The outbreak of measles in California and the larger US can also beexplained by inefficiency of the current vaccine rather thanincreased cases of vaccine exemption. Bellini and Lota (2014) notethat there have been a handful of cases of measles infection invaccinated individuals. Gore &amp Bourbeau (2014) say this handfulamounts is 1% of all immunized individuals. These cases, known asvaccine failure cases, have exhibited significantly modified and lesssevere case of measles. Bellini and Lota explain this modification ofthe disease and accompanying symptoms show that the vaccine is alsolargely effective in key areas. In a decade long study on theprogress of a number of children after measles vaccination, theauthors report the study reported a significant decrease in antibodyconcentration. They thus suggest that to completely eradicate thedisease as envisioned by WHO and other bodies, there is a need tokeep vigilance even on the vaccinated population.

With such challenges in the measles eradication, there are a numberof alternatives suggested to address them. Constable et al.(2014) suggest increased public education and awareness creation onthe need for vaccination. The author believes that more targetededucation can be directed towards persons applying for vaccineexemption on various grounds. Flanagan (2014) believes that there isno significant difference in mandatory vaccination against hepatitisB and voluntary vaccination of measles given that the objectives arethe same. Another strategy is suggested by Mishra et al.(2008) who say that vitamin A supplementation reduces measles relatedcomplication for the confirmed cases. The authors also suggestvitamin supplementation alongside vaccine especially among people oflow socioeconomic status in the society.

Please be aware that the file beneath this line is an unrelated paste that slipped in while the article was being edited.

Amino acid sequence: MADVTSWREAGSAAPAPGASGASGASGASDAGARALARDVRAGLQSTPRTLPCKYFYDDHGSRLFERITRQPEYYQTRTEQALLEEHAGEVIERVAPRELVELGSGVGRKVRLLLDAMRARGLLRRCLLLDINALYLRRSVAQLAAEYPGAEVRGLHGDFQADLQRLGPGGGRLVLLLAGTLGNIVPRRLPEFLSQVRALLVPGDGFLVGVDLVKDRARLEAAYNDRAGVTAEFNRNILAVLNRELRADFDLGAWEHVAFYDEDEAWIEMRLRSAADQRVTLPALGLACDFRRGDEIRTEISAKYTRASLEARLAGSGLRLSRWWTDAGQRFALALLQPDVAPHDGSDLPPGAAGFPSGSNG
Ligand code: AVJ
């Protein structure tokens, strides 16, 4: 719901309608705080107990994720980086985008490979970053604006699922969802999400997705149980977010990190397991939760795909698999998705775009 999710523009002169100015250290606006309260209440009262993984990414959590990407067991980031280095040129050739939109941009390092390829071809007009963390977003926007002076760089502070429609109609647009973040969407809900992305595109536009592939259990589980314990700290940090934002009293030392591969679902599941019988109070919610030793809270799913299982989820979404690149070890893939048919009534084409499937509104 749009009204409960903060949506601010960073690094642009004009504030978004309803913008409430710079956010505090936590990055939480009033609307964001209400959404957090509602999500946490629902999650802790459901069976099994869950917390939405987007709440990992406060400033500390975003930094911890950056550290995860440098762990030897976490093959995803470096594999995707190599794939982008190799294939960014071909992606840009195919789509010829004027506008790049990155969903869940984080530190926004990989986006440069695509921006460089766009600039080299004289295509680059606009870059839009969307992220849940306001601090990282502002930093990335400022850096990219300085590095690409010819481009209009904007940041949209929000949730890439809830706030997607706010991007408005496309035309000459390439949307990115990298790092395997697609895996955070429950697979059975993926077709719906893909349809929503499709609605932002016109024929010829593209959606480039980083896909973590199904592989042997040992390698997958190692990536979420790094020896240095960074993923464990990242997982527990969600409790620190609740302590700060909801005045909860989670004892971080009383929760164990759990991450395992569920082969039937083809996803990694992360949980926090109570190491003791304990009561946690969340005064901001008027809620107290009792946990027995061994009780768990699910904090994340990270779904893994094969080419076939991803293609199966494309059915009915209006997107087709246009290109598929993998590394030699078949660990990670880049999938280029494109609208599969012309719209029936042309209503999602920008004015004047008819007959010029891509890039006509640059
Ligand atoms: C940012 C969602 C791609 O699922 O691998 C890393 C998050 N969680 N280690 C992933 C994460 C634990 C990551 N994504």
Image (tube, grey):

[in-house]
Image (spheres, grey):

It is therefore clear that southern California is greatly affected bypoor public knowledge and awareness on the need for measlesvaccination. The loop in the law that recognizes vaccine exemption onreligious and personal beliefs grounds works against the plan oferadicating measles from the world by 2020. The CDPH should embark onmore intensive public awareness programs and offer targeted andspecialized education to applicants to vaccine exemption to make themunderstand the need for measles vaccination and the risk that lack ofvaccination poses to them and others due to reported cases ofvaccination failures. Alternatively, there is the option of taking ataking a legal approach to the issue by introducing the debate inlocal congress in a move to make measles vaccination mandatory.